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Sunday, December 9, 2012

From EI to CPSE

By mid-January we had finally settled into a comfortable routine. Get Chaim on his bus, get Dovi's food together, walk him to the basement (on Bessie's days; take him down the stairs to Ellen on her days), do my errands/housework, get Dovi dropped back off at noon, wait for the speech therapist, take him to OT or wait for the volunteer to take him to OT, come back and do the rest of my housework, wait for Chaim's bus, ad infinitum. It was all shattered when Becca called to inform me that she was starting the CPSE process.

What? So soon? He was barely 2 and a half!

Becca reminded me that we were trying to get Dovi into the TABAC center before his 3rd birthday - at 2 and 9 months - and therefore we had to start the evaluation process already, so that we could have our meeting with the Board of Ed in March and get Dovi into TABAC for April.

And so, we began the evaluation process again. Once again, evaluators traipsed in and out of my house, five of them in all, reminding me once again of all the things Dovi didn't do and couldn't do, and all the things he shouldn't be doing anymore but was still doing. It painted a dismal picture of the progress he was not making. It was gut-wrenching all over again.


From the speech therapist:

Dovi presented with markedly impaired nonverbal behaviors. He presented with a lack of social and emotional reciprocity and a lack of varied and appropriate imitative or pretend play. He further presented with an absence of spoken language that was not accompanied with any attempt to compensate with other forms of communication. He did not imitate any actions despite significant prompts by the clinician. He could not or would not imitate any sounds presented.

From the occupational therapist:

Dovi presented as a sweet child who had a lot of difficulty transitioning to evaluation process. He did not display appropriate attention to structured tasks presented, and did not consistently follow simple instructions to complete activities as requested. Dovi did not establish or maintain appropriate eye contact throughout. No verbalization during evaluation.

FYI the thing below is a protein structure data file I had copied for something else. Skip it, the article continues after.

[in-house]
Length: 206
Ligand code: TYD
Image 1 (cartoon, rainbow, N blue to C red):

From the psychological evaluator:

Dovi presented as an extremely active little boy. He seemed unaware of the examiner or of his environment, as he constantly ran about the room and screeched. Dovi continued to engage in this form of behavior for some time, and then often appeared to grunt as well. Dovi's mother attempted to gain his attention, and carried him to the testing area, in attempt to engage him to play with the examiner. Dovi seemed highly unfocused, continuously gazed about the room, turned about in his chair, or ran away from the testing spot. Dovi then ran into the kitchen, threw the stove burners down, and almost spilled the soup that his mother had cooked hours ago. Dovi seemed to be in a constant state of motion as he continuously ran backwards and forward and about the room, failed to make eye contact with the examiner, and seemed completely unaware of the examiner's presence.  Although Dovi showed little interest in the examiner's test materials, he appeared to show slight interest in a puzzle of his own that was familiar. However this was soon followed by Dovi's constant tendency to mouth and bite on these items, and failure to engage with this item in a constructive fashion. Throughout the assessment, Dovi failed to engage verbally with the examiner, or to utter any words that were discernible. occasionally babbled, yet most often continued to scream incessantly. The aforementioned forms of behavioral responses were manifested throughout most of the current testing session. 

From the educational evaluation:

Dovi was evaluated at home, where he sat in a booster at at the dining room table aimlessly shaking to and fro, knocking items from the booster tray onto the floor. It was impossible to engage him in eye contact or get him to acknowledge the presence of the evaluator. Throughout the evaluation, he manifested various odd behaviors, i.e. laughing to himself while making funny faces, grabbing at the evaluator's necklace, etc. When his mother brought in electronic toys with flashing lights and music, he often mouthed and chewed on them or fixated on protrusions, apparently trying to pull them off the toy. He ignored his mothers commands to clap his hands, touch his eyes, etc., insisting on pursuing his on agenda. Dovi's dysfunctional behaviors rendered impossible to assess his skill levels across developmental domains.

While I know that evaluators exaggerate a bit in order to get the child as much services as possible, it stung anew to read Dovi's dismal evaluation. He had been getting ABA, speech and OT for seven months and nary a dent was yet being made in his situation. If there was still a shred of denial left that I was faced with a long uphill battle, and that I had a severely autistic child who had little chance of ever being mainstreamed, the facts now stared me in the face.

With the reports all ready, it was handed in to the Board of Ed and I waited for a scheduled date for our meeting.

I was unaware of the drama still to unfold, which would shake me awake from my anguished slumber and prove to me once again that there is a Higher Power running this world.

To be continued...

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